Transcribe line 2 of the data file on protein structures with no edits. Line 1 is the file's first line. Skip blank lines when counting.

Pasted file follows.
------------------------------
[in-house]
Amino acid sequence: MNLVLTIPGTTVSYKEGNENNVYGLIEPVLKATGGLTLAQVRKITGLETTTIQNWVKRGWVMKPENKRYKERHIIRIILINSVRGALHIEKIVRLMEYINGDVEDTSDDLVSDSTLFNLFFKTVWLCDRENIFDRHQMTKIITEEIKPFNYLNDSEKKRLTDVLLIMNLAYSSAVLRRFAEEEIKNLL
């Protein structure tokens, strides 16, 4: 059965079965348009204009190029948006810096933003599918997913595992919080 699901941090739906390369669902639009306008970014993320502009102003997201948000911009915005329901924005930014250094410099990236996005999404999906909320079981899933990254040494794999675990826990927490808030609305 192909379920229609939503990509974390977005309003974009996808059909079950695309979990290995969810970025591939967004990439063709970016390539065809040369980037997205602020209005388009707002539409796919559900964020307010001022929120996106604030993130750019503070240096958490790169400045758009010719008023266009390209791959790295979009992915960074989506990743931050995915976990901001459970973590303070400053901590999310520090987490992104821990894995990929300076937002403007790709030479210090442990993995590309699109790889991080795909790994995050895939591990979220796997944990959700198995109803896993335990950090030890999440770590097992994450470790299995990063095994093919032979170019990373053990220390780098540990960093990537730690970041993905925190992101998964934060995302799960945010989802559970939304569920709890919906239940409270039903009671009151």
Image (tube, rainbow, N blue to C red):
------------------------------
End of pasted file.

Amino acid sequence: MNLVLTIPGTTVSYKEGNENNVYGLIEPVLKATGGLTLAQVRKITGLETTTIQNWVKRGWVMKPENKRYKERHIIRIILINSVRGALHIEKIVRLMEYINGDVEDTSDDLVSDSTLFNLFFKTVWLCDRENIFDRHQMTKIITEEIKPFNYLNDSEKKRLTDVLLIMNLAYSSAVLRRFAEEEIKNLL